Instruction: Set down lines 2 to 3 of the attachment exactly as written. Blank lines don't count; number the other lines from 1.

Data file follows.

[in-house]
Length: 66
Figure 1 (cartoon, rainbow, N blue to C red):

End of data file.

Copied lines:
Length: 66
Figure 1 (cartoon, rainbow, N blue to C red):